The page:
Gasoline inventories in the in Amsterdam, Rotterdam, and Antwerp (ARA) markets remained at seasonal low levels, “which is most likely driven by arbitrage-related flows out the region,” Zhang said. “Gas oil inventories in ARA rose further and set a new multiyear high, which is likely to keep the gasoil structure under pressure.”

New US claims for unemployment benefits increased by 427,000 in the latest week—“again below the market expectation and staying stubbornly well above the 400,000 mark for 2 months now,” Zhang reported. “Meanwhile, the European Central Bank kept the euro’s benchmark rate unchanged at its monthly meeting yesterday and gave a strong signal of a rate increase in July. In the post-meeting news conference, the ECB also expressed strong opposition towards any forms of a Greek default.”

He pointed out, “The euro-zone debt crisis is a crisis over debt and fiscal policies, rather than a currency crisis. Therefore, euro-zone debt won’t necessarily drag down the value of the euro.”

Zhang reiterated, “The health of the global economy remains the most important underlying factor driving the oil market. Therefore, we see the softening global economy as an increasing downside risk to the oil price in the near term. With regard to the Organization of Petroleum Exporting Countries, the biggest market-moving factor is likely to be the return of Libya’s oil supply.” Libyan rebels are again talking of restarting that country’s oil production.

“Now that Iran has made a hold-up on OPEC, we will have to wait until the end of the Iranian presidency of OPEC at the end of the year before seeing the organization functioning again (maybe),” said Olivier Jakob at Petromatrix, Zug, Switzerland. “In the meantime, the Gulf Cooperation Council (GCC) countries will supply additional barrels outside of an OPEC framework, but this is probably not well understood by the general population and is also a political debacle for the West.”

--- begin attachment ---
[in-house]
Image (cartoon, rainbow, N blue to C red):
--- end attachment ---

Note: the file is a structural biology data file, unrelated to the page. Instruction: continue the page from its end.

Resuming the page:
Therefore, he said, “We will not be surprised if we were to hear that the International Energy Agency (IEA) has decided [to approve] a decrease equivalent to 1.5 days of consumption in strategic stocks held by its members. Given that the oil consumption in the Organization for Economic Cooperation and Development countries is declining, the IEA members will need less stock to cover their stock-to-demand ratios, and at current prices it will be a budgetary help that a few countries will not refuse. Because of the declining demand and lower needs for stock-to-demand ratio, such a release would not necessarily require a replenishment of stocks at a later date (i.e. it would be a net sale).”

In other news, Jakob noted, “Yesterday a lot of focus was also on the corn market, which reached new all-time record highs. The Mexicans and the US ethanol industry will not be a very happy crowd.”